Sunday, May 19, 2013


Every time I think that's about all the Marley reissues there can possibly be, they find another one.  Best-of's, soundtracks to documentaries, live albums, boxes, dub collections, remixes, the list goes on.  This one, however, at least makes sense, and gives us something new and pretty good, too.  It's the 35th anniversary of the Kaya disc of 1978, not one of his most celebrated albums, but stronger than its reputation.  Kaya was the second album Marley made after retreating to London for a couple of years, after the assassination attempt that left him and his wife Rita wounded.  The first album was Exodus, one of most revered in his canon.  Kaya, by contrast, is often thought of as the soft, almost apologetic disc, purposely made as a step back from his aggressive work.  Marley said he knew he had made music that was too militant for some in Jamaica, and wanted to mellow out.

Is that a bad thing?  Well, not when you look at the quality of his love and happiness.  In a fine mood, he spins easy, soulful reggae, leaning heavily on the I-Threes for back-up la-la-lovin', and smooth horns, as befit a fellow who was inspired in the '60's by U.S. soul.  Songs about spliffs are as controversial as it gets, but by this time, if you knew Marley, you knew about the ganja.  No, life was cool for him now, with Easy Skanking leading things off, and the inspirational Is This Love the big cut.  While he's known for speaking out about his people's suffering, what's made his legacy decades later is his peaceful message, either love for one or for all, Is This Love joining One Love as more powerful statements than the politics of that day.  Such was his keen interest in the peaceful theme that he went back into his deep catalogue of songs, re-recording numbers from his earlier career, old for Jamaica but brand-new for his international audience.  Sun Is Shining and Kaya itself are early 70's tunes  first done with Lee "Scratch" Perry.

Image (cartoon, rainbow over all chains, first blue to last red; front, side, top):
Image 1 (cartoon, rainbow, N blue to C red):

The live disc included as the deluxe bonus is a concert from Rotterdam in 1978, during the Kaya tour. It's not heavy on the new album tracks, featuring only Is This Love and Easy Skanking over its 76 minutes.  It's more of a greatest hits, mirroring six cuts off the famous Legend collection.  With a loving crowd locking in to No Woman No Cry, Jamming, and Get Up, Stand Up, this is one of the best of the several Marley concerts available.

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